Coronavirus Chicago: Mayor Lori Lightfoot announces new remote learning plans at CPS, City Colleges

CHICAGO (WLS) -- Chicago Public Schools has announced new remote learning plans so students can continue their education during the COVID-19 pandemic.

CPS schools were shut down earlier this month to stop the spread of the new coronavirus. They will remain shuttered for at least three more weeks.

"We will not allow this crisis to be an obstacle to our students' futures and their dreams," said Mayor Lightfoot. "It was a herculean effort to shift one's curriculum to an entirely new medium-especially in such a short amount of time-and it's a testament to the passion and commitment of Chicago's entire education community that they have been able to do just that. While our schools remain closed, thanks to our city's countless faculty and staff, education in Chicago remains open."

Free educational resources for kids stuck at home

Lightfoot and CPS CEO Dr. Janice Jackson also announced a plan to get thousands of devices into the hands of homebound students so they can use the plans.

"In the coming weeks, we will distribute more than 100,000 devices to CPS families to increase student access to electronic materials during this time," Jackson said.

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Mayor Lori Lightfoot announced new remote learning plans so Chicago students can continue their education during the COVID-19 pandemic.



CPS said it plans to implement remote learning beginning on April 13 and families can expect to hear directly from their schools by April 6, the district said.

"The hardest part is not knowing who has access to what and the communication piece," said Sari Willis, third grade teacher at Bernhard Moos Elementary.

The schools will offer both digital and non-digital learning options, schools can create their own activities to supplement district instruction and teachers will provide weekly feedback to students. Bridging the digital divide among students who don't have computers or internet access was a main concern for both the district and Chicago Teachers Union officials.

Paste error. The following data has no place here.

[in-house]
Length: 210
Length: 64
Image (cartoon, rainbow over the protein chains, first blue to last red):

"We will not allow this crisis to be an obstacle to our students' future, and their dreams, particularly as it pertains to CPS," Lightfoot said.

Teachers will be available to students for academic support and schools will provide office hours during regular school hours to answer questions about remote learning.

The district's 335,000 students have been out of school for the past two weeks.

Connnor Garcia and his dad Alex share one laptop.

"We blocked out a few hours for schoolwork and homework, and a few hours for dad to be on Zoom call after Zoom call," Alex Garcia said.

Their split screen time is hardly unique.

"We're fortunate enough that we do have a laptop," Garcia said. "I know plenty of other families, they don't have an alternative."

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Remote learning plans for CPS students, as well as plans to distribute technology to students so they can participate, were announced Monday by city officials.



Kelly Burns has three children attending CPS schools, and said right now they've been doing what they can to keep up with their work.

"We're fortunate where we have the resources, and internet and laptops, and parents who are at home and able to be helping right now," he said.

The Illinois Board of Education said students' grades will not be negatively impacted by this time away from school, and Burns said he understands the big task of getting the whole district on a new page.

"I'm not envious of the work CPS has to do in front of them, but I'm confident they'll do the best they can," Burns said.

While CPS scrambles to set up the online infrastructure, parents are suddenly taking on another role on top of their daily jobs.

"A little anxious, trying to better understand how they're going to roll this out, what the actual plan is," Alex Garcia said.

And students are left to navigate their education without the crucial in-person element.

"The teachers at my school, they're cool, they kind of explain it in a way that might be easier for me to figure out," Connor Garcia said.

For City Colleges of Chicago, the system has moved from 10 percent of credit classes being fully online to 92 percent available.

"I am so proud of the teamwork and flexibility shown by our students, faculty and staff who made the transition to remote learning in just one week's time," said Chancellor Juan Salgado. "We recognize our students, in particular, are facing unprecedented challenges, and we are committed to providing them every possible support to ensure they persist in their courses and reach their academic and career goals."

City Colleges' free adult education classes will be offered remotely on April 13 and City Colleges is also offering loaner laptops.

The Illinois Department of Public Health has created a hotline at 1-800-889-3931. More information can be found at the IDPH website and the Chicago Department of Public Health website.3
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